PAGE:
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A man stuck in hotel quarantine in Melbourne says Australia’s stance on COVID-19 is inhumane after he was denied an exemption on compassionate grounds to see his sick mother before she died.
James Turbitt arrived in Melbourne on Friday having rushed onto a plane from his home in Belgium to be with his critically ill mother in a Perth hospital.
James Turbitt said the process to get exemption from hotel quarantine on compassionate grounds was inhumane.Credit:
He says he applied for an exemption to be with her but was told that even if he was allowed out, he could not fly commercially or drive and would need to charter a plane to Perth.
Returning citizens and travellers can apply for approval on medical or compassionate grounds to leave hotel quarantine, set at 14 days to minimise the risk of COVID-19 entering the country.
Exemptions could allow a person to leave quarantine for short periods to visit a dying relative or attend a funeral, but leaving Victoria requires approval from both states.
“I really deserved to be there when she passed. She was the most beautiful, caring woman.”
International arrivals can also apply to quarantine in a private residence, which has been widely publicised in the case of celebrities like Dannii Minogue in Queensland.
Mr Turbitt’s mother died over the weekend while he was stuck in a hotel room at Melbourne’s Stamford Plaza negotiating with the Victorian and Western Australian governments.
“I really deserved to be there when she passed,” he said. “She was the most beautiful, caring woman.”
Mr Turbitt, who received two negative COVID-19 test results in the week before he travelled, could not secure a direct flight from Belgium to Perth and was hoping to get a connection from Melbourne to Western Australia.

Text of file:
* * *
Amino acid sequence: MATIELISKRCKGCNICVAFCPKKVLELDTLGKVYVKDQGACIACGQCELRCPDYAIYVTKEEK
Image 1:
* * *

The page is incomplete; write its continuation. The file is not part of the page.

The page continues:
But he said he was told that, even if Victoria gave him a hotel-quarantine exemption, he would not be allowed to drive or catch a commercial flight and would have to charter his own plane.
Mr Turbitt remains at the Stamford Plaza in quarantine.Credit:James Turbitt
“I don’t know why they even bother having the compassionate exemption because they don’t give it out. And then they make it impossible, you have to charter your own plane.”
Mr Turbitt said there should be a national process to avoid circumstances like his, and found the level of documentation required by authorities, who were not accessible by phone, an added burden during his mother’s final days.
He felt so let down by Australia that he does not plan on ever returning permanently.
“I get that they’re trying to keep COVID out, but they’ve completely lost their way,” he said.
A spokeswoman from the Department of Health said Victorian authorities work hard to be compassionate for people in tough circumstances.
“The Department of Health and [COVID-19 Quarantine Victoria] work hard to evaluate and facilitate compassionate visits in these situations, and we extend our deepest sympathies to Mr Turbitt on his loss,” the spokeswoman said.
“Where these situations involve transit to and quarantine in another state, Victorian authorities require the approval of that state before granting an exemption in Victoria.”
The Western Australian government had not given Victoria that approval.
In January, Victorian authorities said they had so far granted 76 exemptions to hotel quarantine.
Earlier this year the Victorian government established a formal review process for people wishing to avoid hotel quarantine.
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